The next day, I came in just hoping to hear my name pretty early. I just remember sitting there, talking to my sister when the Hawks came up. I honestly had no idea who was going to pick me at that point. I had kind of checked out from really listening too closely to these teams when they're announcing, but as the Blackhawks started to say, “From the National Team Development Program..” I looked at my sister, who was sitting next to me, and both of our eyes popped open. We were just waiting to hear what they were going to say next. And they started to slowly say, “Alex Vlasic,” which was just so cool.

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Alex Vlasic hugs his mom after being drafted at No. 43 overall by the Blackhawks on June 22, 2019

I think everybody was kind of shocked. You almost don't really feel like the hometown team is going to pick you. It's one out of 32 teams, right? So, what are the odds? It was just such a happy moment for me and my family. I feel like it didn't really set in until after I got out of the draft and I saw how many people texted me, my buddies and everyone just going nuts, which was such a cool thing for me to experience. And I honestly wouldn't have had it any other way.

After the draft, I knew I was going to be at Boston University for at least two years, so I wasn't thinking too far into the future. The Hawks did a good job keeping in touch and tracking what it was that I needed to work on, whether it was physical in the gym, on the ice or mentally, all those aspects of the game. I wasn't worried about where my spot was going be in the NHL lineup down the road, it was just taking advantage of the facilities and the organization at BU, which is one of the best in the country. They did such a good job helping me get what I need, and it was a great little stepping stone to propel my career to the right direction. After three years at BU, I knew I was ready for the next step in pro hockey.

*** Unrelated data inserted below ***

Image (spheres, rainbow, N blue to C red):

I'll never forget that first year out of college, and getting to play in my hometown for the first time. It was awesome to be able to have my parents and some of my family and friends come out to my first games at the United Center. That was really special to me. Now that I'm fortunate enough to be with the Blackhawks long-term, it’s kind of the turning point for me and my family. No matter how excited we were on draft day, now it's a little bit more set in stone that this is home, and it'll be an awesome future in Chicago.

It’s easy to worry about where you're going to go in the draft, but if I could do it again, I would do it the same way 100 times out of 100. I wouldn't care about going in the first round or going top 10. I think where I'm at right now is exactly where I was meant to be, and everything happens for a reason. Words can't really explain how happy I was and how happy my family was to hear my name called five years ago in Vancouver. It was one of the best days of my life so far.


Alex Vlasic waits for a faceoff during his first home game at the United Center against the Winnipeg Jets on March 20, 2022